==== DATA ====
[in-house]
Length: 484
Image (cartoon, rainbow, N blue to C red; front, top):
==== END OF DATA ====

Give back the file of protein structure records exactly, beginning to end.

[in-house]
Length: 484
Image (cartoon, rainbow, N blue to C red; front, top):